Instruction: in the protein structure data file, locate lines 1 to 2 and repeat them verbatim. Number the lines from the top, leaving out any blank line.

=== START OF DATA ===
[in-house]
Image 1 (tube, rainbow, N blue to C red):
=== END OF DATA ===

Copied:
[in-house]
Image 1 (tube, rainbow, N blue to C red):